This ' video newsletter ' features interviews with housing activists from Cape Town (specifically, Vrygrond, Delft and QQ section and Kwezi Park in Khayelitsha), talking about the ongoing housing struggle in the city.
The Reentry Series:
Synthetic Meteor Showers
by Bill Dolson
The Reentry Series uses multiple synthetic meteors to produce luminous, ephemeral drawings in the upper atmosphere. These drawings will persist for only seconds, at most minutes. The behavior of individual synthetic meteors will be similar to that of naturally occurring meteors. However their composition and configuration will be controlled, exhibiting various elementary geometric relationships which will seem obviously premeditated and systematic to any observer. That these are deliberate renderings will be inescapable. The Reentry Series is one of several proposed series of dynamic environmental works which involve the synthesis and aestheticised use of otherwise naturally occurring, very large scale, time dependent visual phenomena.
Pictures from the launch party, July 28, at Postmasters
Originally published in Spanish by the EZLN
Translated by irlandesa
A Penguin in the Selva Lacandona - Part 2
(The zapatista is just a little house, perhaps the smallest, on a street called "Mexico," in a barrio called "Latin America," in a city called the "World.")
I was speaking to you about the critiques of the points made by the Sixth Declaration of the Selva Lacandona concerning Mexico, Latin America and the World. Well, in response, allow me some questions:
Essay by Michael Govan
In the mid-1960s, during the same period that Michael Heizer was making large-scale, shaped, "negative" paintings in his New York City studio, he began a series of trips to his home states of Nevada and California to experiment on the expansive raw canvas of the American desert landscape, where he created "negative" sculpture. The genre that he and his colleague Walter De Maria invented there—later dubbed "Earth art" or "Land art"— changed the course of modern art history. Working largely outside the confines of the gallery and the museum, Heizer went on to redefine sculpture in terms of scale, mass, gesture, and process, creating a virtual lexicon of three-dimensional form.
The $256 Question
By Stan Cox, AlterNet.
Posted July 25, 2005.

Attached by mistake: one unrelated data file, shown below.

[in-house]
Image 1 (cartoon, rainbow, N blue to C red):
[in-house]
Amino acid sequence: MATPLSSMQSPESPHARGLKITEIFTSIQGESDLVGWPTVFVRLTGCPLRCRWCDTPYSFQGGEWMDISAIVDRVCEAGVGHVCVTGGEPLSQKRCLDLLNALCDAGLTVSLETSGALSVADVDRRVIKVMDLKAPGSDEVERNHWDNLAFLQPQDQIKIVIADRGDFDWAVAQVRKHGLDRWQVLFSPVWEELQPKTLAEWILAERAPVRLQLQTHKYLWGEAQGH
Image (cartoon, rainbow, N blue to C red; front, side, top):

By prosecuting Steven Kurtz and Robert Ferrell, is the Justice Department trying to clamp a lid on political art or looking to chalk up a win by exploiting fears of bioterrorism?
by Stan Cox
Interview with Joseph Nechvatal by Évelyne Rogue (Music2Eye)
Paris, February 2004.
Évelyne Rogue: Since 1986, you’ve been working with ubiquitous electronic visual information, computers and computer-robotics. Your computer-robotic assisted painting and computer animations are shown in galleries and museum throughout the world. How do you explain this choice?
Q: So, let's start with the basics of Who, What, When, Where and How. How did The Department of Ecological Authoring Tactics, Inc. (DoEAT) group start?
A: It began with some food projects I had started, thus the acronym, but it grew out of wanting to relieve myself from the institutional burden of being solely responsible for my thoughts and actions and to offer others this same shelter. It is not total anarchy, it is actually quite organized, it is simply adopting a methodology that many artistic, governmental, and corporate entities use to decentralize authorship.
WORDS MADE FLESH
Code, Culture, Imagination
Media Design Research
Piet Zwart Institute
institute for postgraduate studies and research
Willem de Kooning Academy Hogeschool Rotterdam
A b s t r a c t: Executable code existed centuries before the invention of the computer in magic, Kabbalah, musical composition and experimental poetry. These practices are often neglected as a historical pretext of contemporary software culture and electronic arts. Above all, they link computations to a vast speculative imagination that encompasses art, language, technology, philosophy and religion. These speculations in turn inscribe themselves into the technology. Since even the most simple formalism requires symbols with which it can be expressed, and symbols have cultural connotations, any code is loaded with meaning. This booklet writes a small cultural history of imaginative computation, reconstructing both the obsessive persistence and contradictory mutations of the phantasm that symbols turn physical, and words are made flesh.
Download as a PDF here